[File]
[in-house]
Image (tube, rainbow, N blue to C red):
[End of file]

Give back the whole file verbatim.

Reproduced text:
[in-house]
Image (tube, rainbow, N blue to C red):